Spitzer View of Planetary Nebula NGC 246
Ssc2004 13a1

Credit: NASA/JPL-Caltech/J. Hora (Harvard-Smithsonian CfA)

Observation • August 8th, 2004 • ssc2004-13a1


This image from NASA's Spitzer Space Telescope shows a dying star (center) surrounded by a cloud of glowing gas and dust. Spitzer has pierced through the dust to highlight a never-before-seen feature -- a giant ring of material (red) slightly offset from the cloud's core which consists of material that was expelled from the aging star.

The star and its cloud halo constitute a "planetary nebula" called NGC 246. When a star like our own Sun begins to run out of fuel, its core shrinks and heats up, boiling off the star's outer layers. Leftover material shoots outward, expanding in shells around the star. This ejected material is then bombarded with ultraviolet light from the central star's fiery surface, producing huge, glowing clouds -- planetary nebulas -- that look like giant jellyfish in space.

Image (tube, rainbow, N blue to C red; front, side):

In this image, the expelled gases appear green, and the ring of expelled material appears red. Astronomers believe the ring is likely made of hydrogen molecules that were ejected from the star in the form of atoms, then cooled to make hydrogen pairs. The new data will help explain how planetary nebulas take shape, and how they nourish future generations of stars.

This image composite was taken on Dec. 6, 2003, by Spitzer's infrared array camera, and is composed of images obtained at four wavelengths: 3.6 microns (blue), 4.5 microns (green), 5.8 microns (orange) and 8 microns (red).

About the Object

Skull NebulaNGC 246
Nebula > Type > Planetary
1,800 Light Years

Color Mapping

Band Wavelength Telescope
Infrared 3.6 µm Spitzer IRAC
Infrared 4.5 µm Spitzer IRAC
Infrared 5.8 µm Spitzer IRAC
Infrared 8.0 µm Spitzer IRAC


Position (J2000)
RA =0h 47m 4.0s
Dec = -11° 52' 12.3"
Field of View
5.2 x 5.2 arcminutes
North is 121.2° left of vertical